Five Seasonspipa, string quartet (2010)
III. Cicada Chorus
|Commission||Commissioned by the Shanghai Quartet and Wu Man, made possible by Meet the Composer and by the Chamber Music America|
|Premiere||September 12, 2010; Peak Performances; Montclair State University, Upper Montclair, NJ; Wu Man, pipa; Shanghai Quartet|
The ancient Chinese devised a system of five phases (wuxing, also known as five elements) to describe generative and destructive interactions in nature. Each element is correlated to a season: the element wood is correlated to spring, fire to summer, metal to autumn, water to winter. In addition, the fifth element, earth, is correlated to changxia, or long summer, which is the transitional phase between summer and autumn.
In this composition, five chords are chosen from the ancient sheng (mouthorgan) repertoire, now preserved in the gagaku music of Japan. These harmonies are foreshadowed in the second section, then appear in continuous succession – from extremely slow to extremely fast – serving as the harmonic basis of the last three sections.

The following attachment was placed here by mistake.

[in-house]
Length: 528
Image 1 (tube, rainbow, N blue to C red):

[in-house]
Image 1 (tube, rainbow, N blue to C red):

The piece starts with “dew-drop,” the image of ice melting in early spring, evoked by pizzicatos. The water drops converge into streams and rivers, symbolized by rapid pulsations in the “water-play” section. The middle section of the piece recalls the “cicada chorus” that I heard in the long and hot summer days in Beijing where I grew up. This section is followed by the fall season where downward bending notes of the strings capture the image of “leaves falling” in slow motion. The Chinese pronunciation of winter, dong, is homonymous to drumming sound, therefore the piece concludes with the quintet imitating percussions. The end of the piece may link back to the beginning of the piece, reflecting the cyclical nature of seasons.
Five Seasons was completed during the rainy season in Osaka, Japan.